Dave Woods - Freelance Web Design Warwickshire

CSS Tabs Menu with Dropdowns

I’ve previously written a tutorial which demonstrated how to create accessible tab navigation menu’s. Within this tutorial, I’m going to explain how this menu can be expanded further to create dropdowns when the top level menu item is hovered over.

This article uses the Son of Suckerfish method for the dropdowns, as seen on HTML Dog
Source: Son of Suckerfish

If you haven’t yet seen the CSS tab menu tutorial then I’d suggest reading through that demo first as we’ll be using it as the basis for this menu.

CSS tabs menu tutorial


The HTML is pretty straight forward and uses the same HTML as the previous example but now with sub-items added

<ul id="navigation">
<li><a href="#"><span>Home</span></a></li>
<li><a href="#"><span>About</span></a>
<li><a href="#">My Qualifications</a></li>
<li><a href="#">My Personal Details</a></li>

<li><a href="#"><span>Services</span></a>
<li><a href="#">HTML</a></li>
<li><a href="#">CSS</a></li>
<li><a href="#">Accessibility</a></li>

<li><a href="#"><span>Portfolio</span></a></li>
<li><a href="#"><span>Contact</span></a></li>
<li><a href="#"><span>Links</span></a></li>

That should be pretty straight forward and without any CSS applied it should simply render an unordered list which won’t be pretty but will still be perfectly usable and accessible.


Ok, lets start by making sure we have the same navigation as in the CSS tabs tutorial so that we have the menu tabs generating correctly

* {
padding: 0;
margin: 0;
body {
font-size: 73%;
font-family: verdana, arial, helvetica, sans-serif;
padding: 10px;
#navigation {
overflow: auto;
#navigation li {
float: left;
list-style: none;
background-color: #666; /* to cater for users without images */
#navigation a {
display: block;
background-image: url(css-tabs/tabright.gif);
background-position: top right;
background-repeat: no-repeat;
color: #FFF;
text-decoration: none;
font-weight: bold;*/
#navigation span {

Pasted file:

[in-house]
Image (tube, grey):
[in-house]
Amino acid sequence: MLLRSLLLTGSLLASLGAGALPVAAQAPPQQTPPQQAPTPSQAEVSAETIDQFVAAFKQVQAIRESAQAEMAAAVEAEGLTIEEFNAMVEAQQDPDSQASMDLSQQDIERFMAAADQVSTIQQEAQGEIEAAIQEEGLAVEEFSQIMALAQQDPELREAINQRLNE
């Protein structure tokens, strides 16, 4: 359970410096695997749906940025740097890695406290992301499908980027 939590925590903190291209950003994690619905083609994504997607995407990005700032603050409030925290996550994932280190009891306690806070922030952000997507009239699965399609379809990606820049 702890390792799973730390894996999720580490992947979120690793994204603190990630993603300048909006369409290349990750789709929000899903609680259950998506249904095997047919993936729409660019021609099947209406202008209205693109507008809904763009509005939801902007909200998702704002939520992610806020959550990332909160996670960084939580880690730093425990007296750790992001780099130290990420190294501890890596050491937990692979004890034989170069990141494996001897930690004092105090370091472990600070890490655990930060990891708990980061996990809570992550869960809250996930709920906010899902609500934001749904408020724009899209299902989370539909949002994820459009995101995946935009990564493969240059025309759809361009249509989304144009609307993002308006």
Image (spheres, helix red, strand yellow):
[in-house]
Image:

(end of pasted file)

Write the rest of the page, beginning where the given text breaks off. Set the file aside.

display: block;
background-image: url(css-tabs/tableft.gif);
background-repeat: no-repeat;
padding: 5px 15px;
#navigation a:hover {
background-position: right -198px;
#navigation a:hover span {
background-position: 0 -198px;

If you view this then it may look a little odd as we need to style the submenu items to work with this menu but you should at least see the hover on the top menu items working.

First, we’ll completely hide the submenu by positioning it 999em off to the left of the screen using absolute positioning. We’ll also style the list a little itself by providing a width, fontsize and a margin so that it’s styled as we want when it becomes visible again.

#navigation li ul {
position: absolute;
width: 10em;
left: -999em;
margin-left: 2px;
font-size: 90%;

Next, we need a little bit of code to style the link correctly and give the submenu items a hover state.

#navigation li ul a, #navigation li ul a:link {
background-image: none;
padding: 5px;
width: 10em;
background-color: #666;
#navigation li ul a:hover {
background-color: #333;

Finally, we snap the submenu back into place by apply left: auto; to the menu once the parent is hovered over. This resets the submenu to it’s default positioning instead of the -999em we used previously.

#navigation li:hover ul, #navigation li.sfhover ul {
left: auto;

Making IE play nicely

You may have noticed in the previous CSS that I didn’t explain why we need the following style #navigation li.sfhover ul. Internet Explorer 6 and below, only support hover on anchors and as we’re going to be needing to hover on the li element this menu won’t currently work in IE6 without a little JavaScript so this CSS style is used to apply the JavaScript (in the next step) to IE6.

The JavaScript

Include the following snippet of JavaScript code within your page and the menu will now work identically in IE6. This should be linked to in an external .js file but will work just as well if applied in the script tags.

sfHover = function() {
var sfEls = document.getElementById("navigation").getElementsByTagName("LI");
for (var i=0; i<sfEls.length; i++) {
sfEls[i].onmouseover=function() {
this.className+=" sfhover";
sfEls[i].onmouseout=function() {
this.className=this.className.replace(new RegExp(" sfhover\\b"), "");
if (window.attachEvent) window.attachEvent("onload", sfHover);


That’s really all there is to it. To ensure that the site is accessible in IE6 then you should also ensure that the top level links can take the user to a subpage in the site as any users of IE6 or below that have JavaScript disabled will not be able to activate the submenu’s.

However, this is hopefully only a temporary solution as Internet Explorer 6 gradually gets phased out in favour of more standards compliant browsers.

While IE6 still has a large user-base though, then it’s recommended that you do still support this browser to ensure that all your visitors have an equal experience on the site.

As always, please feel free to leave any comments or questions about this tutorial, or feel free to suggest future demonstrations.